Radium 'likely cause' of Tokyo radiation hotspot

November 1, 2011
Tokyo skyline with Mt. Fuji in the background. Japanese authorities believe radium was to blame for a radiation hotspot at a Tokyo supermarket, a local city office said, in another scare for a nation still on edge over Fukushima.

Japanese authorities believe radium was to blame for a radiation hotspot at a Tokyo supermarket, a local city office said on Tuesday, in another scare for a nation still on edge over Fukushima.

Workers wearing protective suits and goggles drilled into the asphalt at one of the two hotspots where inspectors last week detected alarming levels of -- up to 10 microsieverts per hour -- one metre (three feet) above the surface of the ground.

Despite public worries about how far contamination has spread from the crippled Fukushima , authorities believe radium -- a substance not released in the disaster -- is likely the cause of the hotspots, the city office said.

"The science and technology ministry said it is highly possible that radium 226 is the source of radiation," the Setagaya ward office said in a statement.

"The ministry also said this case is not linked to the accident at the Fukushima Daiichi ," it said, adding inspectors plan to continue investigating the hotspots over the next two weeks.

The of the hotspots are much higher than the 20 millisieverts per year government threshold that would prompt evacuation, though no evacuation was required as the contamination was highly localised.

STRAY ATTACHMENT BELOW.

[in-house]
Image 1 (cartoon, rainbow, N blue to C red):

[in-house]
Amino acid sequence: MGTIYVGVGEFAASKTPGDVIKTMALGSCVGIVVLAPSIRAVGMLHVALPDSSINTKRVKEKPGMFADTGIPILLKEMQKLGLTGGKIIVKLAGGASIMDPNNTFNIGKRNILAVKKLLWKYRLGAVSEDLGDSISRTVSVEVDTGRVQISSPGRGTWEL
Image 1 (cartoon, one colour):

The statement gave no indication of the source of the radium.

The finding came weeks after Japanese authorities discovered old containers of radium powder, likely used for luminous paint, under the floorboards of a house in Setagaya, western Tokyo.

Radiation fears are a daily fact of life in many parts of Japan following the earthquake and tsunami-sparked meltdowns at the Fukushima plant, with reported cases of , beef, vegetables, tea and seafood.

Radiation levels as high as those in the evacuation zone around the Fukushima have been detected in an eastern Tokyo suburb, which are likely linked to the disaster.

Levels of two microsieverts per hour were detected one metre above the surface of the soil in a vacant lot in Kashiwa city, Chiba prefecture.

Inspectors from the science and technology ministry believe the hotspot was created after radioactive caesium carried by rain water became concentrated in a small area because of a broken gutter.

Variable winds, weather and topography result in an uneven spread of contamination, experts say, and radioactive elements tend to concentrate in places where dust and rain water accumulate such as drains and ditches.

The March 11 earthquake triggered a tsunami that tore into Japan's northeast coast, leaving 20,000 people dead or missing, and sparking meltdowns and explosions Fukushima.

The subsequent release of radiation forced the evacuation of tens of thousands from a 20 kilometre (12 mile) radius from the plant and spots beyond, in the world's worst nuclear accident since the Chernobyl disaster in 1986.

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